What do you want from Him? they almost ask her. The irony is that by then she would have been able to tell them – in fact, her understanding is already ahead of theirs, despite their disdain for her. She would have been able to unfold to them that she had recognized in Him the Messiah who, as she says to Him privately, is coming to show us all things.

And there was a second question which they almost asked, symmetrical with the first, which was of Christ Himself: Why are you talking with her? Underlying this is a legacy of excluding and of making that exclusion felt, of inducing self-doubt in people you think of, and who think of themselves, as strangers and unworthy. The disciples’ question only repeats her own, from the uneasy beginnings of her faith, asked outright and from her heart: the very first thing she says to Him is How can you ask me, a Samaritan and a woman, for a drink? In asking that, just like the disciples wondering why He was bothering with her, she was thinking belatedly, behind the advance that God had already made towards her. She was conscious only of the fact that a Jewish male had no reason to disclose His thirst, His vulnerability, to a Samaritan female like her. What was He thinking? What should she do? Was it a perhaps kind of trap?

No – it was only love re-inventing things. Christ’s self-disclosure had already undone the impossibility which still seemed to be a permanent confinement of her life and self-understanding; she had only to catch up with Him, which He would quietly but steadily empower her to do.

But there was something more, something she could not foresee at all, just as the disciples were blind to it and would probably, at this point, have repudiated it had it been pointed out to them (although no language to express it yet existed). There was another and even more momentous impossibility that had become possible, in that moment when our Lord had asked her for a drink. This was the erasure of the barrier that seems to divide God from man, the Creator from the creature, the self-sufficiency of the Divine from a thirsting and needy humanity.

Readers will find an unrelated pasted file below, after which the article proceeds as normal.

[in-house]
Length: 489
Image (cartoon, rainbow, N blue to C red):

How can you ask me, a Samaritan and a woman, for a drink? Why are you talking to her? The answer to these questions can be condensed in a single, overwhelming realization: God, even God, needs, and seeks, what only each one of us, in her uniqueness, can give Him. This is the unfathomable mystery of the Divine love that is exchanged between us, which elsewhere St John expresses when he teaches that we can love God only because God loved us first.

Christ’s encounter with the woman at the well reminds us that it is indeed a thirst to express love that underlies it all: our thirst for Christ, for the water that He alone can cause to spring up in us, our thirst to know Him and, above all, to share in the pattern of life that is His. But even more than that, the Gospel reminds us that Christ Himself also thirsts, and thirsts for us – so that if He lays upon us any discipline it is for no other reason than that we should be made, by His grace, a little better able, from our inevitably meagre resources, not only to receive from Him, but also, in doing so, to give Him the drink for which He thirsts, which is our lives. And He desires this not so that He can possess us, or even we Him, but so that we can become other Christs, bringing Him, in our turn, to a world that, in the heat of the day, unknowingly awaits Him.

By Fr Philip Cleevely, Cong. Orat.

St Philip's Seminary, Toronto